Two Brits in the top three at early stage of Burghley dressage: two errors of course costly for leading rider

  • Britain’s Oliver Townend is the early leader at the Land Rover Burghley Horse Trials.

    Oliver was first into the arena at 9.30am this morning (30 August), and at the lunch break, nobody has yet been able to catch him.

    Oliver sits on a score of 27.2 aboard Tom Joule’s 13-year-old gelding, MHS King Joules (pictured).

    Oliver said: “I have no complaints at all and if he stays on that mark all weekend, I’ll be very happy. Going into the arena first is always difficult as the judges perhaps take a few combinations to warm up to the marks, but it was inevitable with me having three horses here.”

    As things stand, Oliver is the only competitor to have broken to 30 barrier. Mark Todd sits in second on 30.8, but he could have been in the 20s had it not been for two errors of course on NZB Campino.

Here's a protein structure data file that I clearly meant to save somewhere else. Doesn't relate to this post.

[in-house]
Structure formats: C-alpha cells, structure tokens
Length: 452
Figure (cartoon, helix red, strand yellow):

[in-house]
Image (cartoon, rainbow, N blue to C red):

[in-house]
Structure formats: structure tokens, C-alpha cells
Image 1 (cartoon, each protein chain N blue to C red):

“It’s too early in the morning,” he joked. “I let him down and two errors is unforgivable. It’s bloody annoying to say the least. I forgot to ride a 20m circle and then halted in the wrong place.”

    Britain’s Julie Tew has made a great start to her first ever Burghley campaign, and sits equal third on 32.1 riding Simply Sox.

    “He’s such a kind and generous horse — he’s had his ups and downs with silly injuries resulting in soundness issues, but it means so much to be here,” said Julie, who explained she was told to give up riding two years ago.

    “I had a tumour removed from my spinal chord 18 years ago and was told at the time I wouldn’t be able to ride and I would have to walk with a stick. I fought back, but over the past five years I’ve really struggled with pain.

    “I have 90% nerve damage in my legs and and I can’t do any fitness work — the less I do, the better I feel. As I’ve got older, things have got worse and I’ve cut down to riding just two horses now. It’s so emotional to make it to Burghley though.”

    Tim Price, riding for New Zealand, shares thirds spot with Julie, riding Bango.

    “I’m really pleased with him — he’s not an out and out dressage horse and he is a bit of a headshaker which filtered through today.”

    The dressage recommences after the lunch break at 2pm.

    You can read the full Burghley report in next week’s Horse & Hound magazine (Thursday 6 September).

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